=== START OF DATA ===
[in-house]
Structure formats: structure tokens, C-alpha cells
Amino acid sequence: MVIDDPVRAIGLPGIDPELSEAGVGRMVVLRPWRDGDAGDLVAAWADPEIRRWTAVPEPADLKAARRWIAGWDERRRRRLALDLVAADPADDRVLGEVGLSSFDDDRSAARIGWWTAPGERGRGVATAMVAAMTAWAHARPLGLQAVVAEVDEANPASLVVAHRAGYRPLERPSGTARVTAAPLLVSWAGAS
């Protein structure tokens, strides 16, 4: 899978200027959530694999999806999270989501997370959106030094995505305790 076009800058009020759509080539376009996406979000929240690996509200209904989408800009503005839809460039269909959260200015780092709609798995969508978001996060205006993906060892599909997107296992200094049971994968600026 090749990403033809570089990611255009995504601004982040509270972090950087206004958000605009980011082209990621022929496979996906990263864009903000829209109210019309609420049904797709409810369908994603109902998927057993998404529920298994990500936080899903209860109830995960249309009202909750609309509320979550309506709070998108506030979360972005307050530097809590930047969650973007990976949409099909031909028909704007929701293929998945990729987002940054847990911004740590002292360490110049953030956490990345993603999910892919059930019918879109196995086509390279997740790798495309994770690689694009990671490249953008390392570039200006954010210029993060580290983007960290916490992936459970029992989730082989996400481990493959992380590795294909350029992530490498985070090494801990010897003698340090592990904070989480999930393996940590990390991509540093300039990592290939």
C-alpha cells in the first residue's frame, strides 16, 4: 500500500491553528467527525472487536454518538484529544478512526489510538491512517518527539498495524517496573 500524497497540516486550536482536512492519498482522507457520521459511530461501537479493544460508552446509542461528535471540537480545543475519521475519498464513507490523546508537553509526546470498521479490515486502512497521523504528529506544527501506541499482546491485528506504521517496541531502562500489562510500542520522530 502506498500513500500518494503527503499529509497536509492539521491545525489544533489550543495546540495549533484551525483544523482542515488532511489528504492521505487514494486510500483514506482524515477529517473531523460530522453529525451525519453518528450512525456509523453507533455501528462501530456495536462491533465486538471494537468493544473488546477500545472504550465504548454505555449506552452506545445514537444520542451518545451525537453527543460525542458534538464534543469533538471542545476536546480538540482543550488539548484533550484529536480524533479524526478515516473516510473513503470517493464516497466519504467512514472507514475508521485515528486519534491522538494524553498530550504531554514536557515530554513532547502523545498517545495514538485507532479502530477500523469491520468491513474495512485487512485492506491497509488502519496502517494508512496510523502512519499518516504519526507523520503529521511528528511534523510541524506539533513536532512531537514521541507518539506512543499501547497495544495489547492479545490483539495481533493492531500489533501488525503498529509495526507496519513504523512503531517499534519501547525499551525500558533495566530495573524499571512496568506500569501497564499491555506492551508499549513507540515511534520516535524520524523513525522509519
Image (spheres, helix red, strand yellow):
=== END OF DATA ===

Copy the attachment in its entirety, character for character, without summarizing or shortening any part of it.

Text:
[in-house]
Structure formats: structure tokens, C-alpha cells
Amino acid sequence: MVIDDPVRAIGLPGIDPELSEAGVGRMVVLRPWRDGDAGDLVAAWADPEIRRWTAVPEPADLKAARRWIAGWDERRRRRLALDLVAADPADDRVLGEVGLSSFDDDRSAARIGWWTAPGERGRGVATAMVAAMTAWAHARPLGLQAVVAEVDEANPASLVVAHRAGYRPLERPSGTARVTAAPLLVSWAGAS
């Protein structure tokens, strides 16, 4: 899978200027959530694999999806999270989501997370959106030094995505305790 076009800058009020759509080539376009996406979000929240690996509200209904989408800009503005839809460039269909959260200015780092709609798995969508978001996060205006993906060892599909997107296992200094049971994968600026 090749990403033809570089990611255009995504601004982040509270972090950087206004958000605009980011082209990621022929496979996906990263864009903000829209109210019309609420049904797709409810369908994603109902998927057993998404529920298994990500936080899903209860109830995960249309009202909750609309509320979550309506709070998108506030979360972005307050530097809590930047969650973007990976949409099909031909028909704007929701293929998945990729987002940054847990911004740590002292360490110049953030956490990345993603999910892919059930019918879109196995086509390279997740790798495309994770690689694009990671490249953008390392570039200006954010210029993060580290983007960290916490992936459970029992989730082989996400481990493959992380590795294909350029992530490498985070090494801990010897003698340090592990904070989480999930393996940590990390991509540093300039990592290939």
C-alpha cells in the first residue's frame, strides 16, 4: 500500500491553528467527525472487536454518538484529544478512526489510538491512517518527539498495524517496573 500524497497540516486550536482536512492519498482522507457520521459511530461501537479493544460508552446509542461528535471540537480545543475519521475519498464513507490523546508537553509526546470498521479490515486502512497521523504528529506544527501506541499482546491485528506504521517496541531502562500489562510500542520522530 502506498500513500500518494503527503499529509497536509492539521491545525489544533489550543495546540495549533484551525483544523482542515488532511489528504492521505487514494486510500483514506482524515477529517473531523460530522453529525451525519453518528450512525456509523453507533455501528462501530456495536462491533465486538471494537468493544473488546477500545472504550465504548454505555449506552452506545445514537444520542451518545451525537453527543460525542458534538464534543469533538471542545476536546480538540482543550488539548484533550484529536480524533479524526478515516473516510473513503470517493464516497466519504467512514472507514475508521485515528486519534491522538494524553498530550504531554514536557515530554513532547502523545498517545495514538485507532479502530477500523469491520468491513474495512485487512485492506491497509488502519496502517494508512496510523502512519499518516504519526507523520503529521511528528511534523510541524506539533513536532512531537514521541507518539506512543499501547497495544495489547492479545490483539495481533493492531500489533501488525503498529509495526507496519513504523512503531517499534519501547525499551525500558533495566530495573524499571512496568506500569501497564499491555506492551508499549513507540515511534520516535524520524523513525522509519
Image (spheres, helix red, strand yellow):